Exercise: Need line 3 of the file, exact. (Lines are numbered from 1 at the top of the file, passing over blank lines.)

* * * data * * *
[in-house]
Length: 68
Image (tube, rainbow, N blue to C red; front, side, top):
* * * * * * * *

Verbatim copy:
Image (tube, rainbow, N blue to C red; front, side, top):